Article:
Why Does My Child Snore?

Continuing our video series, Dr. Jerome Hester explains “Why does my child snore?”

Snoring in an adult can be a humorous or societal issue. However, snoring in a young child actually more commonly is a significant medical issue. Snoring occurs when there’s obstruction of the airway, and this leads to narrowing of the airway and obstruction to air flow, causing vibration of tissue.

In an adult, approximately 80% of all habitual snorers have sleep apnea. However, that number approaches 100% in children who are habitual snorers. Therefore, this truly demands that if a child is a snorer night in and night out, or at least most nights, that they truly should be evaluated by a specialist.

Many times, such issues are attributed to allergies or nasal congestion. Although those issues may play a role occasionally in children, they are rarely the cause of the issue. The most common cause in children is the enlargement of tonsillar or adenoidal tissues. The adenoids are tissue very similar to tonsils, but behind the child’s nose, and therefore out of view of most routine examinations.

If one does have a child who snores, remember that the presence of sleep apnea in a child is rarely accompanied by the typical signs of poor sleep such as fatigue or complaints about sleep. Actually, in the younger person, if anything, it is actually much more common that the child will have issues with attention span, concentration issues, perhaps even behavioral issues, and in fact, many times will actually have decreased growth because of the lack of deep sleep. Therefore, the recommendation for any child who snores regularly is an evaluation by an individual who specializes in sleep medicine and evaluation of the airway. In adults, we commonly recommend for all patients that they obtain a sleep study, a test where a patient is monitored overnight to look for obstruction. That still is a very useful test in a child, but it is not as diagnostic in a child as it is in an adult, and therefore, consideration by your physician may be that evaluation just by a physical examination and a history is enough to warrant proceeding with treatment.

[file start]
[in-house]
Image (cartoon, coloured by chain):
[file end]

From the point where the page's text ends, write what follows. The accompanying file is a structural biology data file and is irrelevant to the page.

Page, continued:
Treatments in children can involve non-procedural treatments such as CPAP, although tolerance of this treatment in a child is very, very low. The procedural treatments indicated are most commonly removing the tonsil tissue, removing the adenoid tissue, and shrinking inflammatory tissue in the nose known as turbinates. That surgery is very common and is very effective for treating these individuals, but full evaluation of the patient should be made before any treatment is initiated.

 

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